Shannon advocates for mental health awareness not only through her words - she lives it. She is a behavioral health case manager at One Community Health. Shannon was diagnosed with ADHD and anxiety when she was in 2nd grade, and has known for most of her life that she had a mental health concern. “I grew up with it from a very young age,” she recalls, “of this narrative of thinking that something was wrong with me, rather than it was just who I was. As I grew older it was more restructuring that narrative to not think that it was a problem, that it was something that could help me. That I could help other people.”
When I was diagnosed, no one really understood how to talk about it.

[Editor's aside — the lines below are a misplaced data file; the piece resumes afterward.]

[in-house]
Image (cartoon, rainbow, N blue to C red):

Shannon feels as though she’s come full circle as a counselor who has a personal journey with mental illness, both for herself and in her family. It’s her way of giving back. Shannon stresses the importance of self-care, especially as a medical health professional who is dedicated to helping others. “If you’re not taking care of yourself,” she points out, “Then you can’t continue to show up for your clients.” She practices yoga, an outlet that helps her relax and maintain her own mental health. Having a community and being able to share her experience with others who have a similar narrative has also helped her in her healing process.
“I know that it’s very vulnerable to talk about these things,” Shannon acknowledges. “I want to make people feel that they’re not alone and I also want them to know the humanness of the people that they’re working with. And the reason behind why people want to show up for them.”